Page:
Animal welfare activists and lovers in general are rejoicing at the new Ramadan TV show, “Stories of Animals in the Quran,” which starts its daily broadcast on 1 August on Al-Hayat channel.
Thirty half-hour episodes that depict the lives of animals mentioned in the holy book will be screened in an attempt to improve the treatment of animals, using religion as a powerful motivator.
This topic very different from the usual Ramadan TV shows, with their share of thwarted loves, terrible deceptions and complicated familial imbroglios, even before considering that it is a cartoon and famous Egyptian actors take on the voices of the various animal characters.
“The release of this new TV show is fantastic news for us,” says Dina Zulfikar, a renowned animal welfare activist who is convinced of the success of this show. “One of Egypt’s most beloved actors, Yehia El-Fakharany, is narrating the stories, and this in itself ensures a broad audience in Egypt and in other Arab countries,” she explains.
Ashraf al-Mallakh of Associates Media Production is the producer of this brand new TV show. He explains that he has had the idea in mind for at least 10 years, and that the book “Animals in the Glorious Quran,” written by renowned writer Ahmed Bahgat in 1983, gave him the inspiration to produce this cartoon. “This book presents an ideal blend of Quranic stories and important information on animals’ nature and behavioral patterns.”
He stresses that these stories “make a perfect historical drama without affecting the true essence of the Quranic text.” About a year ago, Mallakh contacted Bahgat’s son Mohamed Ahmed Bahgat – a famous poet and columnist at Al-Ahram – to offer him the chance to write the script for the cartoon.
Bahgat was immediately thrilled at the prospect, as he had always dreamed of writing the script of a cartoon, even to the point of considering moving to the US to work for Disney.
“My father has been sick for a while now, so I was the one chosen to write the script, and honestly no other media would have better suited my father’s story better than a cartoon,” he says.
It took him six months to complete the script, and a total of 17 stories of animals will be broadcasted during the holy month.
The Quran contains a wealth of stories with animals playing a significant role.
For example, there is the crow that God sent to Adam’s son to help him hide the body of his brother, the wolf that was wrongly accused of devouring Youssef, and the whale that swallowed Youssef before throwing him back on the land, due to his belief in God.
There is also the story of the elephant of Abraha, which refused to cross the boundary of Mecca to destroy the holy city, sat down and could not be persuaded otherwise by reason or violence.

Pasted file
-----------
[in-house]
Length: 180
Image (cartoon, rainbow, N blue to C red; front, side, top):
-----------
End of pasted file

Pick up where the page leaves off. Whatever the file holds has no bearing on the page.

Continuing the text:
Out of 114 "suras," or chapters, that compose the Quran, six of them are named after animals – the cow, the ant, the elephant, the bee, the spider and the cattle.
“You would be surprised how most people are not aware of the fact that six suras have animals’ names,” exclaims Zulfikar, who has been conducting monthly awareness campaigns on animals at the Giza Zoo for the past five years.
“I have asked parents and children this question a million times: 'How many suras have animal names?' No one has ever been capable of giving me the right answer,” she says with a shrug. “This is why broadcasting this show is so crucial, to acknowledge the role of these beautiful creatures, and hopefully dramatically change people’s behavior toward them."
Ahmed Bahgat, an unabashed animal lover, wrote in his book’s introduction that he has come to believe that truth is the greatest value in life, and that he has found it “as a raw material in animals, just like you find unpolished diamonds in the ground: a look devoid of illusions, lies and obscurity.” He also added in this introduction that the pure truth we find in animals does not exist in humans.
Zulfikar is convinced that the poor treatment of animals in the Middle East and Egypt specifically has a lot to do with a crippled education system that introduces each animal to children as an “it."
“When you refer to an animal as an 'it,' the animal becomes an object not more valuable than a piece of furniture,” she explains. “I am sure that this TV show will be more effective than any million-pound awareness campaign for animals, because millions of people will be watching the program in the evening.”
Indeed, the Egyptian audience will not be the only one able to follow these animal stories on a daily basis during Ramadan, as Al Jazeera in the Gulf, Al-Sumaria TV in Iraq and Malay TV in Malaysia have also purchased the broadcasting rights. An English version is also in the making and should be completed in three months, according to the producer.